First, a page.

In how far can low-performing pupils be helped

A report on the most recent OECD, called Low performing students — Why they fall behind and how to help them reveals, according to, that “New Zealand children from poor families are over six times more likely to do badly at maths than children from well-off families.” The situation, which can surely also be applied to other subjects as well, couldn’t be more grave. It seems to be a vicious circle with hardly a way to escape, to lead a fulfilled life and maybe even become successful in terms of their career.

I wonder whether there is anything schools and teachers can do to make up for it.

It does seem to be a big challenge. Firstly, because poverty sometimes goes along with little understanding of the necessity and value of academic education — but surely, and this holds also true for the following statements, you have to be careful with overgeneralisation. Poor parents sometimes don’t convey how interesting learning can be, don’t show them how exciting reading be, and as a consequence, don’t help them in their learning process. People are depressed because of their life’s situation and have already given up hope that it might change one day. This attitude is passed on to their children and so they have little intrinsic motivation of putting effort into their learning. So they won’t like going to school that much and might sometimes even cut school.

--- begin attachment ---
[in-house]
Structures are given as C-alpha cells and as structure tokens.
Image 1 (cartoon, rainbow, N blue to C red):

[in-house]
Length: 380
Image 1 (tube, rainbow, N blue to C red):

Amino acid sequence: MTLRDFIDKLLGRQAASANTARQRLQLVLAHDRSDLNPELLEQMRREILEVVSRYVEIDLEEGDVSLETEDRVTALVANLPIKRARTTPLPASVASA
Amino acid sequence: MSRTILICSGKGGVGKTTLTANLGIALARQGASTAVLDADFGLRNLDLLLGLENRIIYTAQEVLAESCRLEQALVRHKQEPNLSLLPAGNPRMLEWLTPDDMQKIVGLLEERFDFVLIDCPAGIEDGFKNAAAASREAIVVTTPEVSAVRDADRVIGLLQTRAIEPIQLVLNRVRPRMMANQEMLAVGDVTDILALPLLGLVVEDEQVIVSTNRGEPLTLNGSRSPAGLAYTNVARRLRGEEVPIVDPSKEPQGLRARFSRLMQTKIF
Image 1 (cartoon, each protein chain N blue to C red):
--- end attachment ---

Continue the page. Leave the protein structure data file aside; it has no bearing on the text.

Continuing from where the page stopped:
Secondly, there’s also the financial problem. The parents don’t have the money to provide them with everything their children need at school: the books, exercise books and healthy nutrition as basis for their children’s learning. The pupils might get bullied by pupils whose parents are a bit better off, which would discourage their motivation to go to school even more

Given all that, hardly anyone would be encouraged to teach at one of the schools with many pupils from a poor background. Fortunately, although the basis for their learning might not be encouraging, the pupils’ motivation can still be raised through some internal (within the teacher and pupils) and external factors. Firstly, it starts with the teacher’s expectation, according to, in which the pupils experience that the teacher cares for them and shows them where their talents are. In turn, they will try their best at school as not to disappoint their teacher. They don’t necessarily have to turn into brilliant pupils, but maybe they will do well enough to get the job that interests them and pays them enough.

Thirdly, their motivation can be raised through appropriate material and class sizes, according to, in which the teacher has more time for every single pupil.

So there is hope to break this vicious circle, even though it requires some effort both by the teachers and the pupils themselves.